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December 14, 2002

Cutting program for deaf reflects political choices

From: Portsmouth Herald, NH - 14 Dec 2002

There were certainly plenty of warnings.

Most New Hampshire voters were well aware that failure to elect a governor who was open to establishing a new revenue stream to fund state government would result in at least some cuts in services, not only at the state level, but within their own communities as well.

Now the piper must be paid and here in the Portsmouth school system, which gets no education aid from the state, that payment involves cutting, at the very least, programs that are not of direct benefit to city students. One of those that most probably will be cut is the 25-year-old program for students who are deaf or hard of hearing.

The program serves 14 students currently, none of them from the city. They are from surrounding communities that pay tuition to the Portsmouth system in order to attend the program.

While it certainly would be preferable to maintain what is one of only two kindergarten-through-12th-grade programs for the deaf in the state, there are two realities that must be faced.

The first is that with the decision to maintain state aid to education at 2002-2003 levels in the 2003-2004 state budget, almost every school district will be feeling the financial pinch. One of the first things a district looks at when it seeks to cut costs are programs that send students out of district for specialized - and often more costly - services. The Portsmouth program certainly will come under scrutiny in the sending towns and fewer students will, most likely, be given the opportunity to attend even if the program were to continue.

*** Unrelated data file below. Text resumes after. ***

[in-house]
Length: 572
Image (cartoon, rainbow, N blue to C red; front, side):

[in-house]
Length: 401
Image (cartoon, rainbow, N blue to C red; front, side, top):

The second issue is the feeling among some educators in sending towns that moving deaf and hard of hearing students out of their communities, even to receive specialized assistance, is not in the best interests of those children since it disassociates them from their friends and neighbors.

The few students served by this program and their families will certainly have their lives diminished if the School Board ultimately decides it must go. But these are the realities of the times we are currently in and the choices we, as voters, have made.

The Portsmouth system's deaf and hard of hearing educational program will not be the last to be cut and the 14 students affected will not be the last to suffer. It is something we all must get used to as every government agency and family tries to deal with the changes in the economic situation this country and world now faces.

- Portsmouth Herald

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